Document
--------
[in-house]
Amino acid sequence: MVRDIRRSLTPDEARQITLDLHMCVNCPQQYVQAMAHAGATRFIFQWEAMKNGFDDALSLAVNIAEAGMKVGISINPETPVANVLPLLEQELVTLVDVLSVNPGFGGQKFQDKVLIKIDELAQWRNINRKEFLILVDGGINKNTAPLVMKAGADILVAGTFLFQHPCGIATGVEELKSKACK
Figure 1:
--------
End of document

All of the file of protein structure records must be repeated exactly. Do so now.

[in-house]
Amino acid sequence: MVRDIRRSLTPDEARQITLDLHMCVNCPQQYVQAMAHAGATRFIFQWEAMKNGFDDALSLAVNIAEAGMKVGISINPETPVANVLPLLEQELVTLVDVLSVNPGFGGQKFQDKVLIKIDELAQWRNINRKEFLILVDGGINKNTAPLVMKAGADILVAGTFLFQHPCGIATGVEELKSKACK
Figure 1: